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Grimes’s ‘War on Women’ Problem
Kentucky Democrat runs from sexual harassment controversy.


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Alison Lundergan Grimes, the likely Democratic senate candidate in Kentucky, is in hot water over her refusal to return a campaign contribution from a local politician who resigned last year amid charges of sexual harassment toward female staffers.

Grimes, Kentucky’s secretary of state and a member of a prominent Kentucky Democratic family, is not backing away from her connection to former Democratic state Representative John Arnold or her ties to an attorney who recently cast the deciding vote not to reprimand Arnold.

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Grimes’s family and political links prompted her probably opponent in November, Republican Senate Minority Leader Mitch McConnell, to ridicule Grimes’s frequent campaign-trail claim to be a champion for women and women’s issues.

“When the victims of this egregious sexual harassment needed an advocate most, Alison Lundergan Grimes opted to protect the old boys’ club backing her campaign and send her sterile condolences via press release,” the McConnell campaign said in a statement.

Last summer, Arnold resigned following allegations that he sexually harassed and assaulted three female statehouse staffers. The allegations include inappropriate touching and stroking, as well grabbing one woman’s “fancy red lace panties” as she was going up stairs at the state capitol building.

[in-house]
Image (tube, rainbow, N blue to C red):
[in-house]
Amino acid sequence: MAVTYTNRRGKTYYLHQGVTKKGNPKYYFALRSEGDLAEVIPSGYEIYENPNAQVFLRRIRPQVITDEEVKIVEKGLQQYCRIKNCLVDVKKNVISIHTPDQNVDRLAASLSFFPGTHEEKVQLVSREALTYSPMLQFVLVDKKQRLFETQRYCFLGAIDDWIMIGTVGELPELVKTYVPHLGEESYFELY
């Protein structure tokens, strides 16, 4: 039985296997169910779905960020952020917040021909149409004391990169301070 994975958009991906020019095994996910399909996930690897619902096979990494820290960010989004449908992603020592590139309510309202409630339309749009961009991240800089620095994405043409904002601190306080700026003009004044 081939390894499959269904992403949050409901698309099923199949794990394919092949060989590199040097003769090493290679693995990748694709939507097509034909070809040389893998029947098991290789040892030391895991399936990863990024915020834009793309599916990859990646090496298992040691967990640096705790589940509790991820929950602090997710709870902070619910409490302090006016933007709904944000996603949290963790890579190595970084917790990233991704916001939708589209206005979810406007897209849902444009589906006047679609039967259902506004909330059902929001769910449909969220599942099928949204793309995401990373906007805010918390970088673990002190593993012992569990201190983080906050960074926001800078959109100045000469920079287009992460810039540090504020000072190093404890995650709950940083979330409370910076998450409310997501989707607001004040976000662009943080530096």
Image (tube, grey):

At the time of the revelations, the Grimes campaign condemned Arnold’s actions, but Grimes failed to call on him to resign.

Local news organization described Grimes’s as having “dodged” or “whiffed” on the issue. She also stated that she will not return Arnold’s $250 donation.

The Bluegrass State’s Legislative Ethic Commission voted Tuesday on whether to reprimand Arnold, but fell short of the necessary five votes to move forward. Only five members of the nine-person commission were present for the vote, which ended with a 4-1 vote. Grimes said she was “disappointed” Arnold was not punished.

The sole vote against punishing Arnold came from Elmer George, a Lebanon-based attorney and donor to Grimes’s campaign who was appointed to the commission by Democratic state House Speaker Greg Stumbo. George has given $5,200 to Grimes’ Senate run, as well as an additional $2,000 during her campaign for secretary of state.

But the ties between Grimes and George go even further.

Page One Kentucky Thursday found that Elmer George, Jr., son of the aforementioned commission member, works for the Grimes campaign. According to Federal Election Commission documents, the younger George had earned more than $2,000 while on staff.

The controversy over Arnold and the George comes as Grimes is invoking attempts to use the Democrats’ “War on Women” theme against McConnell. But Republicans are firing back, saying that her “actions speak louder than words” as she claims to side with women, yet has done little to address the ongoing scandal.

Grimes, who has largely remained mum on a number of issues throughout the race, took another hit when she avoided answering reporters’ questions about her plans for the contributions. At the event, she focused on McConnell’s opposition to the Paycheck Fairness Act and “made women’s issues and workplace fairness issues a major theme.”

Republicans didn’t take her silence lightly.

“Her unwillingness to speak up about the sexual harassment scandal and inability to publicly stand up for the women affected shows Kentucky women where her real priorities lie — with her political future and her campaign’s financial backers, no matter the consequences,” the state’s party said in a statement.

The Kentucky Senate race continues lives up to its billing as a grueling political slugfest. Grimes has aimed to maximize her support among women.

— Andrew Johnson is an editorial associate at National Review Online.



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